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14 hours ago, Mokara said:

It likely won't have a true global shutter, just a very fast read speed so that for practical purposes it will act much like one.

I am pretty sure that an a9 is a better camera than a S1 though. 

If the A9II do not have revolutionary sensor like global shutter, at least better ergonomic and 5.76 million dot EVF, 4K60 then I'm not interested in $4500 camera.

A9 has very fast read speed too but when you are shooting flash, it still requires HSS. 

A9 is a better camera for sport and action. It depends for whom. If you are looking for 20 fps, best AF, then A9

I found 7 fps to be enough but prefer a camera to have great ergonomic, EVF, IBIS, fully touch screen LCD. Some people prefer 4K60, unlimited 4K 30. Once it has 10 bit upgrade, it will be bigger gap of things it can do vs A9.

The S1 excel in alot of area that the much more expensive camera A9 cannot. Someone mentioned they are able to handheld S1 and get 2.5 second image whereas their Sony A7III 1/10 is a hit or miss. This is from someone who own both camera. Sony IBIS, non fully touch screen LCD is really behind the competitions.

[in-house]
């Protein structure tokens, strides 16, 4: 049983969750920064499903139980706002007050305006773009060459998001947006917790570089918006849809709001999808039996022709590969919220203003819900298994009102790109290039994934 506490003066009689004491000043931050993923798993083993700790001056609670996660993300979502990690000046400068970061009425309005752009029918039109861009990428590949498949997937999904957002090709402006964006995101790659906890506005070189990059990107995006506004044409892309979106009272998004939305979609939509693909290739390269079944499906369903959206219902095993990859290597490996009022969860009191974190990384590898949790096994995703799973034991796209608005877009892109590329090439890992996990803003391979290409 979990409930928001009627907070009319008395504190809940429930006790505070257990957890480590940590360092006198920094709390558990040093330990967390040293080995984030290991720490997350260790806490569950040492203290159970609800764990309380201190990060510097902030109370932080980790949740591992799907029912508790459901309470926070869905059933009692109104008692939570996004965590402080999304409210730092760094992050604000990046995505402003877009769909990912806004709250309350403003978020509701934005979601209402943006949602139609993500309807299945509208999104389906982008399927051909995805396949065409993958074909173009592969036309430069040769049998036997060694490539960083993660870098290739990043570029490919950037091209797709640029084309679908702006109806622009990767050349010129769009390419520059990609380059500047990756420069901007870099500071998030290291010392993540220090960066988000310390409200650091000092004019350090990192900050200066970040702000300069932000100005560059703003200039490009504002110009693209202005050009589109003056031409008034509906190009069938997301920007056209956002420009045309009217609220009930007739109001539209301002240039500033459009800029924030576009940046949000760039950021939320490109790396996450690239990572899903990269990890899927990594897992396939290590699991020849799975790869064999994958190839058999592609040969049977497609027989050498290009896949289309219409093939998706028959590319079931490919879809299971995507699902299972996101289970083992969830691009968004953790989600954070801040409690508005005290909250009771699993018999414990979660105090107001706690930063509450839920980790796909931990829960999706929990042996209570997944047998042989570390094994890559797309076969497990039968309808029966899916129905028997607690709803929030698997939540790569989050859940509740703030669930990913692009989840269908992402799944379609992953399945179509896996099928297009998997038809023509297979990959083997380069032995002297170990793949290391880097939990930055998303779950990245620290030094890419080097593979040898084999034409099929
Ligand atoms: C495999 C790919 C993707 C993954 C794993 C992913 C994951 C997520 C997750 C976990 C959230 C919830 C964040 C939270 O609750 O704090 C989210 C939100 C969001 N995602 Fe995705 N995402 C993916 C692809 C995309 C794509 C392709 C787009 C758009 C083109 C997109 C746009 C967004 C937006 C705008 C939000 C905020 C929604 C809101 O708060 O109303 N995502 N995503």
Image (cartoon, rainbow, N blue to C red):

For that much money, I expect it to excel in most areas not just AF over S1. Yes I know it's an older camera.

I can afford A9, but I don't see any value for things I don't use - 20 FPS. The superb eyeAF is nice, but it isn't needed for me to get the shot. All the competitions do good enough job for me.

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14 hours ago, Cliff Totten said:

Sony will liscence phase detect AF on their sensors to Olumpus and Nikon with no trouble. But,...there is no way they will EVER liscense it to Panasonic. They will say, "we are happy to sell you our sensor and even liscence you 4k 30p and 60p in 10bit....but we will force you to keep contrast AF only....no PDAF for you!"